The Advocates are Returning to Washington!

Ten teams of students and staff from inclusive college programs are once again coming to Washington, DC to educate their policymakers about the importance of the college experience, employment, community services, and people with intellectual disabilities. The Think College Policy Advocates (TCPA), a joint project of Think College and the Association of University Centers on Disabilities (AUCD), began with its first group of students coming to DC in early 2019. Only five teams that year joined attendees at the Disability Policy Seminar to learn about policy. In 2020, the second cohort had to be cancelled as a result of COVID, but the 2021 class went forward virtually with 10 teams. We are so excited to have this year’s teams return to DC in person! 

This year’s teams are from wide variety of programs across the nation, nine of whom are first-timers to TCPA. There is team from a career and technical college, a team from a community college, two teams from brand new inclusive programs in their first year in existence, and a team from one of the largest and most established programs. Chosen through a competitive process, there are teams from California, Florida, Illinois, Louisiana, Maryland, Nevada, New York, Pennsylvania, South Carolina, and Washington. (Read more about the teams in this article.) And the students include program alumni, current students, and recent (as in last week!) graduates. They are as diverse as any college students – coming from a variety of ethnic and racial backgrounds, geographic locations, and with a wide variety of interests.

Each team has a coach from Think College, AUCD, or the National Disability Rights Network (NDRN). The training in Washington is being done during the NDRN conference and the Think College Policy Advocates will be able to join that conference for a general session on guardianship and supported decision-making – an issue of importance to the disability community as a whole, but also to these students and staff.

The teams arrive in Washington on June 5 for an introductory dinner, followed by a day of training and then visits with their Members of Congress on June 7. Before coming to Washington, they will have already learned about policy, how to do meetings with policymakers, and received information about issues and what is going on in Washington right now. They have shared their hopes and dreams and why they have come to college. They have also all talked about how their attendance at college is only the first step – they each want to make sure that others can follow them. This is one of the most important things about advocacy – you can do it for yourself, but the impact is greater when you can also do it to benefit others. And we have heard about some of the issues they care about: transportation, sexual education, having families, employment, sub-minimum wage, and of course, more inclusive college programs so that everyone who chooses to, can go to college.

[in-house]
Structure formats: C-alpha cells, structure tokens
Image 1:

In the past, the relationships with legislators and staff and the expertise built by the TCPA program have led to:

  • legislative and staff visits to inclusive college programs,
  • student internships with legislators,
  • state legislation to expand programs, launch pilot programs and expand scholarships,
  • and a host of new and experienced advocates now mentoring others out in the world.

Most importantly, these Think College Policy Advocates demonstrate to all who meet them, the importance of inclusive college. As the buttons they wear tell everyone who meets them, “Ask Me About College!”

Post author: Denise Rozell is Director of Policy Innovation, Education and Employment Team, at Association of University Centers on Disability (AUCD). Denise works primarily on issues affecting youth in post-secondary education, employment and independent living including as the co-Director for the PROMISE Technical Assistance Center (Promoting Readiness of Minors in Supplemental Security Income). As she says she is a self-described policy geek, and a valuable contributor to the work of Think College NCC. 

National Coordinating Center